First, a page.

Title:
Highly flexible tubular device with high initial torque response for medical use
United States Patent 8357140


Abstract:
The invention relates to an elongated torque tube for use in medical applications. The torque tube comprises an elongated tubular structure having a cylindrical cross section and defining a longitudinal axis and a circumferential axis, the elongated tubular structure including a helical cut having a finite thickness and extending along the length of the elongated tubular structure, the helical cut being aligned with the circumferential axis and including a plurality of protrusions extending along the longitudinal axis, the protrusions defined by discontinuous cuts aligned with the longitudinal axis.



Inventors:
Majercak, David Christopher (Stewartsville, NJ, US)
Olsen, Daniel (Califon, NJ, US)
Application Number:
12/696300
Publication Date:
01/22/2013
Filing Date:
01/29/2010
Assignee:
Cordis Corporation (Miami Lakes, FL, US)
Primary Class:
Other Classes:
604/524, 604/525, 604/527
International Classes:
A61M25/00
Field of Search:
604/523-527, 604/528, 604/171
View Patent Images:
US Patent References:



Foreign References:
EP09869892000-03-22Surgical instrument comprising flexible shaft
WO1997003611A11997-02-06FLEXIBLE SHAFT
WO2003022162A12003-03-20FLEXIBLE INNER TUBULAR MEMBER AND ROTARY TISSUE CUTTING INSTRUMENT HAVING FLEXIBLE INNER TUBULAR MEMBER
Other References:
European Search Report, dated Feb. 24, 2012 for corresponding EP Patent Application No. 11151454.3, filed Jan. 19, 2011.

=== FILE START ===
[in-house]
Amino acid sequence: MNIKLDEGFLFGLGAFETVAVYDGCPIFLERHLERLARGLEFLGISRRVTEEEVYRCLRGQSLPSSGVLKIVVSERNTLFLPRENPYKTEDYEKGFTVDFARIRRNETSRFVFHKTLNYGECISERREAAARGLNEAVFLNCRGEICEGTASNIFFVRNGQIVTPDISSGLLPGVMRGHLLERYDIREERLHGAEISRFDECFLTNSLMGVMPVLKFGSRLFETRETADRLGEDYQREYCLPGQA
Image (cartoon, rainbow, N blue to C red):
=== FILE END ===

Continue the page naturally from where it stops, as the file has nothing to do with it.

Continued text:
Primary Examiner:
HALL, DEANNA K
Attorney, Agent or Firm:
JOSEPH F. SHIRTZ (JOHNSON & JOHNSON ONE JOHNSON & JOHNSON PLAZA, NEW BRUNSWICK, NJ, 08933-7003, US)
Claims:
What is claimed is:

1. An elongated torque tube for use in medical applications, comprising an elongated tubular structure having a cylindrical cross section and defining a longitudinal axis and a circumferential axis, the elongated tubular structure including a helical cut with a predetermined pitch or multiple varied pitches and having a finite width and extending along at least a portion of the length of the elongated tubular structure, the helical cut being substantially aligned with the circumferential axis and including a plurality of protrusions extending substantially along the longitudinal axis at a single spacing or multiple varied spacings, the protrusions defined by discontinuous cuts substantially aligned with the longitudinal axis and discontinuous cuts substantially aligned with the circumferential axis.